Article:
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(BOSTON, MA 081916) Boston City Councilor Tito Jackson at Boston City Hall. Staff photo by Chris Christo

Tito Jackson is Boston’s Everyman, or at least the Boston motorist’s Everyman.

The Roxbury city councilor running for mayor drives around the city. He can’t find a legal parking space. He parks where he shouldn’t, he gets tickets. He gets lots of tickets, always has.

Tito, embrace it! Welcome to the biggest club in the city.

Getting parking tickets is not a character flaw, it just shows how bad the parking situation is in Boston. Cong. Steve Lynch of South Boston was joking, sort of, about the terrible shortage of parking spaces, at the St. Patrick’s Day breakfast last month.

But I can’t get anyone from Jackson’s campaign to call me back with a comment about all his tickets.

You already knew that Tito has gotten 109 tickets over the last six years. He’s paid all $4320 in fines. He’d better, if he wants to renew his driver’s license, and his registration.

That was one story. There was an earlier one, back in 2015, about how Jackson got 14 tickets broomed at City Hall because he was allegedly on city business, sometimes around Copley Square, near one of his favorite bars.

Now it turns out that he also got tickets during his days as a pharmaceutical drug salesman for Alpharma, which fired him in 2006. Jackson was one of a number of employees who unsuccessfully sued the company for overtime pay. He was questioned under oath in 2009 by a lawyer for Alpharma.

Parking tickets on Jackson’s company car came up early in the deposition.

Alpharma lawyer: “Did you pay parking tickets with your company credit card?

Jackson: “Not that I recall.”

Alpharma: “Did you receive parking tickets with your company car that you did not pay?…”

Jackson: “I received parking tickets that I did pay after the tickets were elevated to the company level.”

Elevated to the company level? What does that mean? That initial exchange between Jackson and the lawyer is on page 16 of the deposition. On page 218 the drug company’s lawyer circled back to the subject, asking Tito about his failure to hand in timely business reports and “also for failing to get your expense records in on time, correct?”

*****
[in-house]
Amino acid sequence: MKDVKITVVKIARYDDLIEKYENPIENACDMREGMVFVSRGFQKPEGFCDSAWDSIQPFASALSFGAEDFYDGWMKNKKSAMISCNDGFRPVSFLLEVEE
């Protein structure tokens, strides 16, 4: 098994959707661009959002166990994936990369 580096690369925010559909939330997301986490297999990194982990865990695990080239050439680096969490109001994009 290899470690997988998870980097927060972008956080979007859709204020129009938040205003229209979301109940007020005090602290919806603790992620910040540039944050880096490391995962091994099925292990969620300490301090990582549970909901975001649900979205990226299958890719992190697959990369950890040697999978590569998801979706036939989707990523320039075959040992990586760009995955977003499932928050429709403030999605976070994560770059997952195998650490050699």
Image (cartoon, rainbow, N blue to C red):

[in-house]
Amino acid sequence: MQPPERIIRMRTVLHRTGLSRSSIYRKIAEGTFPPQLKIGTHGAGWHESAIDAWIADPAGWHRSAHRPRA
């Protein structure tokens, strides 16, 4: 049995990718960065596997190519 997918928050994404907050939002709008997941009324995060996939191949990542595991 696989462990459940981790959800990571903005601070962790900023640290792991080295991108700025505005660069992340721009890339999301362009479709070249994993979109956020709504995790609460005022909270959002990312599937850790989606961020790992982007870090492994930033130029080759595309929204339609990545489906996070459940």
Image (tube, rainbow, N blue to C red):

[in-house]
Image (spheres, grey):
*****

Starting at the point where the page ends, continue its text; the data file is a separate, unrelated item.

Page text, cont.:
Jackson: “Yes.”

Alpharma: “It was also for failing to pay personal parking violations that you incurred on behalf of the company, correct?”

Jackson: “I’m not sure on the parking.”

Not sure. Hmmm. But then, Tito was also asked if he was “advised” by the company when he was terminated “that there were expenses that you submitted indicating that you had meals with physicians that did not take place.”

To which Jackson replied, “No.” But again, let he who is without sin cast the first stone. So what if Tito fudged his expense account! But the tickets are the bigger angle here.

Now we know why Tito really wants to be mayor. He’s tired of getting all these parking tickets. He wants that police driver that every mayor gets. Mumbles Menino had one for 20 years. He soon forgot what it was like to have to circle the block again and again and again, trying to wedge your clunker into a dicey parking space.

Mumbles began approving condo projects with 150 units and 100 parking spaces. Mumbles convinced himself – granted, only after receiving massive contributions from the developers who wanted to skimp on the parking – that nobody in the city needed a car anymore.

And now Marty Walsh, only three years removed from having to drive around the city, makes the same mistake, sloughing off his constituents’ fondest wish – for MORE PARKING SPACES. Affordable housing isn’t worth much if you don’t have affordable parking.

Tito Jackson, wake up. These tickets can be your ticket to the Parkman House. Some people get parking tickets, some people get police drivers. There are more of us than there are of them.

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Howie Carr is the New York Times best-selling author of The Brothers Bulger and Hitman, in addition to several other Boston organized-crime books and two novels. He is the host of a New England-wide radio talk-show syndicated to more than 20 stations, and is a member of the Radio Hall of Fame in Chicago.

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